The condition of parchment is directly dependent on the degradation of the collagen fibers, and this is indicated by the glass-like layers in the parchment. If structural and chemical changes have significantly altered the surface of the parchment, this is easily discernible during visual observation. The relief of the surface, tonality, transparency and flexibility. These changes are caused by oxidation and hydrolysis the deterioration and shortening of the long (ca 300 nm) collagen molecules with hydrogen bonds, which have twisted into left-handed α-helixes. The weakening or total disappearance of the hydrogen bonds that stabilize the molecules increases the degree of freedom between the molecules. And this results in the initially ordered α-helix-shaped collagen molecule acquiring gelatin molecule structure that has an either partially or totally random orientation. The appearance of glass-like layers alludes directly to the reduction of the parchment’s physical strength and hydrothermal stability. The degradation process is called (either partial or total) gelatinization. This is often accompanied by the development of white calcite or gypsum precipitate on the surface of the parchment. A change in the axial packing method of the collagen molecules will quickly lead to collagen degradation at the molecular level.

In the case of historical parchments, the results of x-ray diffraction and 2D electrophoresis analysis (The Structure of Collagen within Parchment. By Craig J. Restaurator, vol. 24 (2003), No 2, pp. 61–134) allude to the severe degradation of the collagen already during the manufacturing phase. This is also confirmed by the results of other studies (Tim J. Wess. Changes in Collagen Structure: Drying, Dehydrothermal Treatment and Relation to Long-term Deterioration. Thermochimica Acta, 365 (2000), pp. 119–128; Craig J. Kennedy. Parchment Degradation Analyzed by X-ray Diffraction. Bio-and Material Cultures at Qumran, Israel, 2005).

Based on research results, a large portion of the historical parchments that have been examined to date can be included in the severely damaged category. Hence, in practical conservation it is important to differentiate between the damage caused by the manufacture of the parchment from the damage caused in the course of handling the documents.

Three categories of glass-like layers can be determined by visual observation: condition 1. – no glass-like layers appear; condition 2. – the glass-like layers cover less than 1/3 of the surface; condition 3. – the glass-like layers cover more than 1/3 of the surface.

Technical details related to the determination of the condition

Between 2010 and 2016, the damage and condition of ca 3,500 parchment documents from the Tallinn City Archive, and about 400 from the Estonian History Museum, which are dated between the 13th and 20th centuries, were visually determined. The works are unique because the collection of documents that was studied represents the almost 700-year history of the territory of Estonia as well as the manufacture of parchment.

The condition of the parchment was assessed in the course of a digitization project, and therefore, when determining the condition, the specificity of the project had to be taken into consideration: a tight schedule, and the digitization workflow. Along with the digitization it was possible to organize the complete visual examination of the documents, but it was not possible to conduct more detailed material research in order to characterize the damages.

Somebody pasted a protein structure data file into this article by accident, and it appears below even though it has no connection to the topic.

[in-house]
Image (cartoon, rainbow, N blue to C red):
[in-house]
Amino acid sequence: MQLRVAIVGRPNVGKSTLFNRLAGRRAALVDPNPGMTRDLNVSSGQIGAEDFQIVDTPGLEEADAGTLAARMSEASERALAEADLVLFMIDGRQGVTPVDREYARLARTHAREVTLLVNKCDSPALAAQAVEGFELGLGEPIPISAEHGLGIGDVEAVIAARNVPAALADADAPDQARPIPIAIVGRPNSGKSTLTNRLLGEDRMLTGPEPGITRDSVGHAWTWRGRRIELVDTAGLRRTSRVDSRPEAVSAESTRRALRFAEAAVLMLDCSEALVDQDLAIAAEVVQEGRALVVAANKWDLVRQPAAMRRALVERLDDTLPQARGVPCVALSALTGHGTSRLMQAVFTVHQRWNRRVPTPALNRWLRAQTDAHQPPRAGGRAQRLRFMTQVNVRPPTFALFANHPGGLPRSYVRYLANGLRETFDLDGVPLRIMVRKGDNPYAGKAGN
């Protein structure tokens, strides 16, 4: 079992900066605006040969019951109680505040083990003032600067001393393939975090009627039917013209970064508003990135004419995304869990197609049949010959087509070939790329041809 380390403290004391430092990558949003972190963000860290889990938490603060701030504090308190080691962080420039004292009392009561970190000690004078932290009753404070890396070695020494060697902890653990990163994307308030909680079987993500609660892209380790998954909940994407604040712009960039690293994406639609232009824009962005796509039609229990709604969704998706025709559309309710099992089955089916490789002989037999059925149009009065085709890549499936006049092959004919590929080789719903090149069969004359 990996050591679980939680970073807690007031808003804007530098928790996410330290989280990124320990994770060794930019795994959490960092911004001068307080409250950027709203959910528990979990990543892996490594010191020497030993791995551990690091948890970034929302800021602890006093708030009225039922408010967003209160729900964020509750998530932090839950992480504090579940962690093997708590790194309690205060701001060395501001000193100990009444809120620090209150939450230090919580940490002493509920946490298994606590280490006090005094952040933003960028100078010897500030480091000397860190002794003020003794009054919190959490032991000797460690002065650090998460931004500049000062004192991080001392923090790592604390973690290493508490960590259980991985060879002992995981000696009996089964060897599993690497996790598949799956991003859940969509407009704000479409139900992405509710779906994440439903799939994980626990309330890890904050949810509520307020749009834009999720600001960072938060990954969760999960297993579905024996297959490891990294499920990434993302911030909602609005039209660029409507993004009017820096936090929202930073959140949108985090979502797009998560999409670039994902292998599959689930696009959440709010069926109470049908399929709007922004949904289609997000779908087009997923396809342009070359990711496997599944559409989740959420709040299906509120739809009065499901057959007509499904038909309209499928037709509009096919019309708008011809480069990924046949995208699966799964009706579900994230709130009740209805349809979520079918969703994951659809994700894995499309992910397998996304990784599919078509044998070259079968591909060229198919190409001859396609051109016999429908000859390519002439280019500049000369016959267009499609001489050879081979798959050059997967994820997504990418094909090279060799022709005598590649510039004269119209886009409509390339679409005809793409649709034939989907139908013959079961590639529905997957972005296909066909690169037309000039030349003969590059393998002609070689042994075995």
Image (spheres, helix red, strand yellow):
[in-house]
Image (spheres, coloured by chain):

Along with the visual assessment of the damage suffered by the individual parchments, it was also possible to visually assess the damage and condition of the collection being digitized. It was assumed that a database created as a result of the systematically conducted visual examination would provide help in analyzing the condition and pattern of damage on documents formatting in various centuries. For examples of the results, see Analysis of the Condition of the Parchment.

The condition of the parchments, the occurrence of glass-like layers and the types of damage were determined after the preparatory work necessary for the digitization (description, cleaning, stretching) and the digitization itself was completed. When determining the damage, in addition to direct light, both penetrating and slanted light was used.  Visually, 50 different types of damages and characteristics were identified. These are listed in the register of parchment damage and documented in the atlas of damages.

The methodological basis for the work was acquired from the experience, analysis and results of critical assessments derived from IDAP projects (449 parchments were analyzed).


In summary, it is important to know the following about determining the condition of parchment in the course of carrying out a digitization project

In the course of the project to digitize the parchment collection, it is technically possible to determine the damages and condition based on a previously compiled methodology.

Creating a database on the condition and damages adds great value to the results the digitization project.

The database on the condition and damages us an important tool for analysis, preservation and organizing the practical conservation.

The condition of objects and the damages would also be possible to determine in the course of digitizing other heritage collections. For instance, this would be possible during the digitization of photographic collections, if the work was methodically organized in advance and the methodology was approved by experts.